The International Maritime Organisation (IMO) has been working to reduce the harmful impacts of shipping on the environment, setting progressively stricter limits on the sulphur content of fuel oils used by vessels. Failure to comply with these new rules can lead to substantial fines.
Recently, the IMO has adopted a 2008 resolution that introduces a reduced global sulphur cap on marine fuels. The current global limit of 3.5% mass/mass (m/m) shall decrease to 0.5% m/m from 1 January 2020.
While the new regulation has been welcomed by all, there are challenges in ensuring its full compliance and enforcement. This page is dedicated to provide Members with the resources necessary to overcome these challenges.
China ECA'S update
China MSA have strengthened enforcement of the low sulphur fuel regulation (with sulphur contents no more than 0.5%) at all 11 core ports since 1 January 2017.
The UK Club has received the following update from Oasis P&I Services Company Ltd., regarding breach of low-sulphur fuel requirements in ECA in China.
Members' attention is drawn to the attached update on the 2019 tariffs for pollution fines in Turkish waters
While no changes are anticipated in the US enforced Emission Control Areas (ECAs) on or after 1 January, 2020, US regions outside the ECAs will need to ensure compliance with the IMO's 2020 global 0.5% sulphur cap from 1 January, 2020.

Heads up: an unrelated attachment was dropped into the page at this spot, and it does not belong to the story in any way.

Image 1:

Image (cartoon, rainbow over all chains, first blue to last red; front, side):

China - Introduction of Ship Routing System and Ship Reporting System in the Minjiang River Estuary of Fuzhou Port - from 1 June 2019
China MSA has issued a Notice on the implementation of a Ship Routing System and a Ship Reporting System in the Minjiang River Estuary of Fuzhou Port for the purpose of enhancing traffic efficiency and ensuring safety of navigation in the Fuzhou water area.
Air pollution from maritime transport is a global environmental concern. The International Maritime Organization (IMO) has been working to reduce the harmful impacts of shipping on the environment, but as highlighted in the attached Legal Update, challenges for compliance and enforcement in regards to Sulphur emissions still remain.
The Club has learnt that Paris MOU, Tokyo MOU, Indian Ocean MOU and Black Sea MOU port state control (PSC) regimes have agreed to focus on the prevention of air pollution by ships during their forthcoming concentrated inspection campaigns (CICs) - 1 September 2018 and 30 November 2018.
Preparing for the 2020 low sulphur limit
The IMO's Marine Environment Protection Committee (MEPC) set 1st of January 2020 as entry-into-force date of the 0.50% m/m global sulphur in marine fuel cap at its 70th session on 24th - 28th October 2016. In preparation for implementation of the limit, extensive work has been carried out by IMO and recently by its Intersessional Working Group that met during 9th -13th July 2018.